Windows Communication Foundation (WCF) is set to change the way .NET developers create and manage connected systems.
Windows Communication Foundation (WCF) has arrived, and with its advanced Web services technologies, is set to change the way .NET developers create and manage connected systems.
Onetime Microsoft rival Sun Microsystems Inc. wants to make sure Java can play in WCF's yard. Working with Microsoft engineers, Sun has developed Project Tango, a set of Web services interoperability standards -- WSIT for short -- which the company says will ensure a happy marriage between the Java platform and WCF.
The effort is part of Glassfish, Sun's open source enterprise software project, and arises from the much -- ballyhooed 10-year working relationship the two longtime rivals announced in 2004, following the settlement of antitrust and patent-related litigation
between Sun and Microsoft.
The new standards will soon be subject to widespread exposure, notes Nick Kassem, technology director for Web services at Sun and a lead official in charge of Project Tango.
They will be integrated into Glassfish v2 (Sun Java Application Server 9.1) beta, which is set for release this month, according to Kassem. "The key point here is that Sun Java Application Server 9.1 Beta will have out-of-the-box Web services interoperability with Windows Vista," he writes in an e-mail.
Gartner analyst Nick Gall says ensuring clean interoperability between Java and WCF clearly holds value for both companies. "There's no question the Microsoft community will flock to [WCF]. It's the unified communications architecture for environments that are .NET-centric," he says. "... The question is, if I heavily use WCF, and if I use its default settings, will I be automatically interoperable with the JEE world? There, the question mark is really big."
In a blog posting last year, Sun engineer Harold Carr listed five main features of Project Tango: bootstrapping communication; optimizing communication; enabling reliability; enabling atomic transactions; securing communication.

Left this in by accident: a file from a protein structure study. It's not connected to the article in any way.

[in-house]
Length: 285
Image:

Sun developed Project Tango using established Java APIs, Kassem notes. "One of the underpinnings and rationale for Project Tango was not to introduce a plethora of new specifications, which would be sort of a barrier for entry."
So, does it work? Company officials demoed the technology along with Microsoft during last year's JavaOne conference.
Forrester analyst Randy Heffner was there, and saw the demo. "There was real functionality, but the bottom line is that it is very preliminary work," he wrote in an e-mail. "I went to the microphone and asked the presenters what data they could share about the performance of Tango -- specifically about the performance of distributed transactions using the likes of WS-AtomicTransaction. Their answer was that they had no such data because it was too early in the project for such measurements.
"Certainly there will be some level of performance hit with a distributed transaction versus a native database transaction within a single platform, but if they can't even talk about the numbers yet, then there is a long way to go before it will enterprise-ready," Heffner writes in an e-mail.
But Kassem says at this point, Project Tango is looking quite robust: "Our internal performance analysis tells us we've come a long, long way from where we were almost two years ago. The technology we have is on par with the best of the best out there."
So how much help has Microsoft provided Sun? Kassem says Redmond officials have been accommodating and cooperative: "We have weekly conference calls with them ... there's a significant amount of information exchange."
A Microsoft spokesperson did not directly answer questions posed about the Sun-Microsoft relationship, but did note that Project Tango "is a Sun initiative and Microsoft supports the initiative."
The company provided a statement from Jorgen Thelin, Microsoft's senior program manager for interoperability standards, in which Thelin offered general praise for the effort: "As vendors like Sun implement advanced Web services protocols, our joint customers benefit from the improved interoperability between our systems. The combination of .NET Framework 3.0 with Sun's Glassfish and Tango technologies enable the high-fidelity communication between the Java and .NET Framework 3.0."
Gall sees Microsoft as a willing partner in Project Tango, but says Sun is leading the dance.
"From a 'who's driving it' perspective ... clearly it's Sun," he says. "A big contingent of the Microsoft Web services folks do participate in these interoperability fests with a range of vendors and a range of stacks. In those venues, Microsoft is 100 percent committed to making it work."
Asked how Project Tango reflects the validity of the Microsoft-Sun working partnership, Heffner voiced measured skepticism.
"Really, the only way to judge the overall relationship is by the results it produces. I've not tried to collect a definitive list, but it does not seem to be very long," he wrote. "I would not put stock in the promises that either vendor might make about what they will do. There are simply too many ways for product priorities, mismatched corporate cultures, and different business objectives to make, in the end, very little or nothing come of it."
Gall is more optimistic. "I think the entire WS community is going to feel the need to generate significant progress toward interoperability in 2007," he says.
Chris Kanaracus is the news editor for Redmond Developer News.